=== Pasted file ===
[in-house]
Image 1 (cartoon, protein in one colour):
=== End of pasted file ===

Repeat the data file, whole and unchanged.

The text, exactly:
[in-house]
Image 1 (cartoon, protein in one colour):